Facebook has gone berserk. I believe. And there is a strong reason behind this belief. Two years ago when I started using the online social hangout, I was under the impression that I will make some good friends and a possible family through it, as Facebook is positioned to ensure social connections. But now I realize that I could neither get any friend here nor any family.
Today, I have more than 4,000 links (Facebook calls them Friends) in my network. But we are not friends, as we never interact with each other. They keep staring at me sitting on right and left of my screen, and I keep staring at them – hours at a stretch. As a social media site, Facebook has many glitches that don’t encourage social connections.
But my biggest problem has come just a few days ago when Facebook decided to deface itself in the name of offering user experience (UX) changes. Now, it has become a nightmare to stay on Facebook.
While all the bells and whistles that it has added are extremely repulsive, it appears that people at Facebook don’t understand even the fundamentals of online UX, which is a combination of interface design, navigation, content structuring, etc.
While most digital media companies are clueless on the UX concept, it’s supposed to give a smooth experience to users of online services. So, what went wrong with Facebook?
Here are seven UX flaws that Facebook needs to fix:
1. Chat Section: Now, two groups of people appear under the chat boxes: a 20-user box on the left of the screen and a vertical right box. As a user, I am totally clueless about the difference between these two groups of people. On what basis Facebook decides to put them on my left and right?
Some of them appear with a green bullet mark, others without it. If people in the latter category are inactive, then what’s the point in pasting their faces in the chat boxes? It makes the interface stale.
2. Middle Column: In the middle column (earlier labelled as ‘News Feed”), now two sets of stories appear randomly: ‘Top Stories’ and ‘Recent Stories.’
Normally, the selection of Top Stories is supposed to be based on some transparent analytics (like the number of clicks on the link, number of Likes, or the number of Top story selections) clearly displayed under the respective stories.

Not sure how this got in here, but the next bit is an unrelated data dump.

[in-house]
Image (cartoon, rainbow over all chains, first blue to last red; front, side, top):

Facebook deliberately hides this fact, presumably because there is hardly any interaction among users. And what’s the definition of ‘Recent?’ It’s totally random without following any UX standards.
3. Activity Stream: Now, an activity stream on everything that my ‘Friends’ do is always running on the top right of my screen. It’s so disturbing that I can’t concentrate on the posts that appear in the middle column or on my own work.
And even an accidental mouseover on this running stream throws up a big box that blocks the display on the left – covering even part of the middle column. And why should I be interested in a running chronicle of updates that keeps disturbing me on the right of my monitor above the dumb vertical chat box?
Facebook must know it’s considered a sin in online services when you put something on the screen that keeps moving or jumping without giving the option to the user to stop or remove it from the screen.
4. Size of Pictures: Now, the size of the pictures that Facebook allows is weird. Some of the pictures thrown in the posts are so big that they cover a major portion of my screen while most are just useless.
And if by chance one of these pictures appears as a top story, it keeps hanging there for indefinite period of time – whether you like it or not. Why can’t bigger pictures be kept in the slideshow at the back – as in the case of other ‘Photos’ that users add in their profile?
5. Interactions: Those who are always eager to send birthday wishes to others are going to have a tough time now. Facebook has removed the ‘Birthdays’ label and has put an insect-like icon there with just one user name – first in the alphabetic list, perhaps.
Here a big mistake is that it has not put the word ‘Birthdays’ – not even as alternate mouseover text, which is usually put for pictures. There is a high probability that users will miss this tiny mention about birthdays.
6. Search Option: Search continues to be horrible on Facebook. For example, Facebook won’t allow me to search for women who are single in my city or in the city where I am planning to go. Cruel Facebook.
And when I get the results of my people search, there is no clear distinction that could tell me whether or not those people are in my network.
7. On the Wall: The confusion persists when I go inside on my Facebook Wall. It shows me a counter of more than 4,000 ‘Friends.’
However, it shows the faces of only 10 of them in the left column. Who are these 10 privileged friends? Facebook never tells me that. Why?
These are only some of the UX areas on which Facebook needs to work quickly for ensuring a painless stay for the users who spend days and nights on the network.
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